Specific Stain Removal “Recipes”

Okay, time to talk about the good stuff and probably the reason you are really here. There are SO MANY remedies and tools advertised all over the internet for getting rid of stains, that it can be quite overwhelming. I have saved you the stress and outlined a few of the easiest and most effective methods out there.

Baking Soda and Vinegar: Method 1

I am sure you are not surprised to see these two on this list. These household staples are truly incredible at performing so many cleaning hacks around your home. They are particularly effective in getting rid of stains.

So, for this method, you can perform it in one of two ways, but either way, you will get your desired outcome:

  1. Pour the vinegar first, directly onto the stains, and then add the baking soda.
  2. Do it the other way around.
Baking soda with white vinegar

Personally, I pour about a cup of white vinegar directly onto the stains and let it sit there for about 30 minutes. But leave it for longer if you have truly tough stains.

Then you’re going to want to generously sprinkle baking soda directly over where you poured the vinegar, followed by another cup of vinegar poured directly into the bowl.

Leave it for about 10 more minutes and then scrub it with a toilet brush. Give it a couple of flushes and you are good to go.

Baking Soda and Vinegar: Method 2

You can also get great results if you pour generous amounts of baking soda directly onto the stains and scrub with a toilet brush immediately. You can then add your white vinegar afterward, pouring it over the stained areas and giving it about half an hour before flushing the toilet to rinse off the solution.

Coca Cola

There is a reason that doctors and dieticians urge us to stay away from this drink. The phosphoric acid found in the sugary beverage is about the same strength as that of battery acid. I’m not kidding. Leave a dirty coin in a glass of coke and within a day or two, it will be as shiny as anything—or even disappear entirely after about a week.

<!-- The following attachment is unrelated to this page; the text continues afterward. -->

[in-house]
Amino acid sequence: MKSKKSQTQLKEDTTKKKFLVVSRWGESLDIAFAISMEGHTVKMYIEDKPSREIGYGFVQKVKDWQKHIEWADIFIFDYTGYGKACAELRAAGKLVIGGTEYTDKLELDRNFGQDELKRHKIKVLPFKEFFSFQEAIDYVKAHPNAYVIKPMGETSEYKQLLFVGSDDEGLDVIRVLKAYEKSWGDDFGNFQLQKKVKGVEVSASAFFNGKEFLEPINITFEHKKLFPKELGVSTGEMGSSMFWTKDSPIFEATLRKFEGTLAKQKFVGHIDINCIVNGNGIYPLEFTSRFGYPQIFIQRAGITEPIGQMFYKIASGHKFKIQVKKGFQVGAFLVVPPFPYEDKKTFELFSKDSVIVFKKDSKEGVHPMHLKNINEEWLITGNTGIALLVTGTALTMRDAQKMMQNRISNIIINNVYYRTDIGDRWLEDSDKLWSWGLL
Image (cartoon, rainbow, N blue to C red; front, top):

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To clean your toilet, simply pour the soda generously, directly over the stains. Leave it for a few hours, or even overnight for even better results, and then simply flush the toilet a couple of times to rinse it off. That’s it. No scrubbing involved, unless you have some really tough stains.

Automatic Toilet Cleaning Pods/Tablets

If you want to rid yourself of the yellow stains, but aren’t too bothered by them or you just don’t have the time or energy to kneel before the throne and scrub, getting an automatic toilet cleaning tablet is really useful.

They’re really easy to find at any grocery store or even online. Simply plop one of the Clorox Automatic Toilet Bowl Cleaner Tablets (amazon link) into your toilet bowl. The tablets will begin to dissolve and will slowly eat away at any stains and dirt in your toilet.

Preventing the Return of Yellow Stains

Now that you know just how much effort really goes into cleaning these horrid stains, it is definitely in everyone’s best interest to aim at prevention, rather than cure.

It is vital to keep a clean toilet at all times. That means regularly washing and scrubbing it with cleaning products or homemade remedies to prevent yellow stains from forming at all. It might feel like a nuisance but you really will reap the benefits from it. Urine won’t be given enough time to settle and stain if you are constantly washing it away.

Don’t let the yellow mellow! You might be tempted to let the toilet remain unflushed during the night to avoid waking people up, or you might be under the impression that less flushing means less water usage. I encourage you to please flush after every single use as this not only prevents stains from occurring, but it is also a hygienic practice.

It is also advised to avoid using very harsh brushes or other cleaning tools on your toilet as this can damage the coating of it, creating little holes that allow minerals and urine to settle and form stains.

Get Rid of All The Yellow Stains in Your Bathroom

If you’ve got a pearly white toilet, don’t settle for anything less in the other parts of your bathroom. Yellow/brown spots on your ceilings and walls are just as unsightly as a stained toilet. There are many reasons for these stains, but just as many solutions, so roll up your sleeves and start working—it’ll be worth it in the end.

Sources

https://toiletseek.com/remove-yellow-toilet-stains/

https://www.brownstoner.com/forum-archive/2010/02/toilet-enamel-i/

https://home.howstuffworks.com/home-improvement/household-hints-tips/cleaning-organizing/how-to-clean-mineral-stains-from-your-toilet.htm

https://www.getsetclean.in/in/en/bathroom-cleaning/best-tips-for-efficient-toilet-cleaning.html

https://livingnorm.com/how-to-remove-yellow-stains-from-toilet/